Directed Research Project

FLAMENCO: A Programmatic Labeling and Sharing Framework for Internet Data Science

The success of Internet Data Science depends on the availability of high-quality labeled data (e.g., onset of a DDoS in NetFlow log). Equally critical is the ability to share the data with others, respecting the data owners' privacy concerns. Unfortunately, short of applying the data-to-code paradigm (i.e., actual sharing of data), researchers lack a systematic framework for working with or benefiting from data while being mindful of privacy concerns.

A Summation-By-Parts Finite Difference Method for Earthquake Cycle Simulations with Full Dynamic Effects

We present an high-order finite difference method for earthquake cycle simulations that represents the full dynamics across cycles and is provably stable. The method is developed for a two-dimensional anti-plane strain problem on a strike-slip fault in a complex domain. The fault is governed by a rate-state friction law and the volume is governed by the anisotropic wave equation.

Localized Embeddings (LocEm): A multi-task model for localization, classification, and retrieval of multiple objects in images

Embeddings are generated across different Deep Learning models to represent objects or entire images. They are then used for tasks such as Object Retrieval by matching against a database of other object embeddings. This work focuses on creating LocEm, a single passthrough model that can generate embeddings for multiple objects in images but at the object’s location. We also repurpose the ImageNet video dataset that includes natural augmentation containing pose and action movement variation of objects in images to create a triplet generator.

Identifying Strongly Connected Components on Distributed Networks

Strongly connected components (SCC) are an essential property for understanding the structure of directed networks. Given that many real-world networks are significant, it is often computationally efficient to partition the network over many distributed systems and solve for SCC simultaneously over the partitioned network. In this paper, we present an algorithm for identifying SCC on distributed systems. Our algorithm comprises three steps. In the first step, we locally perform SCC over all partitions.

High Performance Streaming Tensor Decomposition

We present a new algorithm for computing tensor decomposition on streaming data that achieves up to 102× speedup over the state-of-the-art CP-stream algorithm through lower computational complexity and performance optimization. For each streaming time slice, our algorithm partitions the factor matrix rows into those with and without updates and keeps them in Gram matrix form to significantly reduce the required computation.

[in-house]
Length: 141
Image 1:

A Computational Framework for Characterizing Viscoelastic Effects Surrounding a Buried Magma Reservoir

We present a numerical framework for modeling the temporal evolution of ground deformation caused by a subsurface, pressurized magma reservoir situated within a viscoelastic medium. The host rock surrounding an oblate, ellipsoidal magma reservoir behaves as a Maxwell material.  Temporal evolution due to the viscous effects are encoded as source terms on the static equilibrium equations; the coupled system is solved via high-order FEM and explicit time-stepping. We derive numerically stable time steps and verify convergence at the theoretical rate.

Countering Attacker Data Manipulation in Security Games

Defending against attackers with unknown behavior is an important area of research in security games. A well-established approach is to utilize historical attack data to create a behavioral model of the attacker. However, this presents a vulnerability: a clever attacker may change its own behavior during learning, leading to an inaccurate model and ineffective defender strategies. In this paper, we investigate how a wary defender can defend against such deceptive attacker. We provide four main contributions.

The Design and Implementation of a Real-Time Complex Event Processing Framework for CPS/IoT Systems

As the field of Cyber-Physical Systems continues to advance, new and interesting changes regarding its capability, adaptability, scalability, and usability [1] have come about. The most notable change has been the aggressive expansion of the variety of entity types that can be deployed in these systems (i.e. the entity eco-system).

Improving Parallel Particle Advection Performance With Machine Learning

Parallelized particle advection algorithms are a key visualization tool for domain scientists. They are also very computationally expensive to run. Machine learning techniques have been widely used in regression settings to predict results based on a set of input features. Our work describes an approach for parallel particle advection optimization; an approach which uses a machine learning algorithm at its core. We specifically investigate how our approach operates when applied to a GPU-based parallel particle advection algorithm.


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